Grammar instruction continues to be more important than ever when we look at the digital landscape our students belong to today. Experts Constance Weaver and Jeff Anderson offer us wonderful ways to infuse grammar into our everyday writing lessons. However, as educators, we need to address how students write in digital spaces. We need to teach them to differentiate between the writing they do in their digital spaces and their non-digital spaces. In this interactive session, teachers and educators will learn effective strategies using Google Slides along with social media, that can help students to differentiate between formal and informal writing while learning new grammar skills.
Dr. Troy Hicks, an associate professor at Central Michigan
University, teaches pre-service writing methods classes and facilitates professional development on the teaching of writing, writing across the curriculum, and writing with technology. In his research, he collaborates with K-16 teachers and explores how they implement newer literacies in their classrooms. He also serves as the Director of the Chippewa River Writing Project, a site of the National Writing Project at CMU. His publications include The Digital Writing Workshop (Heinemann, 2009) and Because Digital Writing Matters(Jossey-Bass, 2010). Twitter ID:@hickstro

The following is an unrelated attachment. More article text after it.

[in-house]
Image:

Jeremy Hyler is a 7th/8th grade English teacher at Fulton Middle School in Middleton, Michigan. In addition, he is a co-director for the Chippewa River Writing Project. He co-authored Create, Compose, Connect: Reading, Writing, and Learning with Digital Tools. He is also a contributing author to Assessing Students’ Digital Writing: Protocols for Looking Closely. He is currently working on his second book about teaching grammar in the digital age. Jeremy has presented both statewide and nationally on the importance of integrating technology effectively and with purpose into the language arts classroom. He is always interested in helping teachers find new, productive and meaningful ways to implement technology into their classrooms. Jeremy can be found on Twitter @jeremybballer and his website is jeremyhyler.wikispaces.com.
This webinar is part of the Word Study, Vocabulary, & Grammar: the Toughest Nuts to Crack series.